Home Page of the DPNA Website Learn about the Drug Prevention Network of the Americas, its history, principles, members, supporters, and board Looking for information about drug prevention?  Check out our web page links, books, presentations, position papers, and brochures Want to connect with national, regional or international drug prevention sites?  Visit our extensive Links section. Keep up with the latest drug prevention news and events. Ready to become a part of the Drug Prevention Network of the Americas?  Sign up on line.

WWW DPNA News and Updates
Drug Research
Drug Effects
Drug Information
Drug Trends
Best Practices
Drug Legalization
Drug Policy
Books and Guides
Funding Sources


Painkiller abuse called the 'new heroin'

Union Tribune April 10, 2006

SAN DIEGO – Abuse of prescription painkillers has become so extensive that the narcotics are being called the “new heroin” by leading drug authorities who say the problem is becoming a national crisis.

The abuse of these powerful painkillers was the topic of a one-day conference Monday in Balboa Park where medical experts and drug officials cautioned that more people are becoming addicted to these drugs than to illegal street drugs.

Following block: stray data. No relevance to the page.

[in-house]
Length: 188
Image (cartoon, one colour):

“It's a huge problem. The abuse of these synthetic opiates comes with the same personal consequences as abuse of heroin,” said retired Gen. Barry McCaffrey, who served as the head of the White House Office of National Drug Control Policy from 1996 to 2001. “The lives of the abusers are ruined if they are not treated.”

McCaffrey, who is now a national security professor at West Point, was the keynote speaker at the conference sponsored by CRC Health Group, Inc, one of the largest chemical dependency treatment providers in the country.

Conference participants sought to define the problem of prescription drug abuse along with discussing new ways to treat and prevent addictions. It brought together state and local drug treatment specialists, and law enforcement officials.

There are an estimated 980,000 heroin users in the country while 1.4 million people are hooked on prescription painkillers. In San Diego, admissions for treatment of painkiller addiction at CRC clinics have jumped from 5 percent of all cases five years ago to 25 percent today.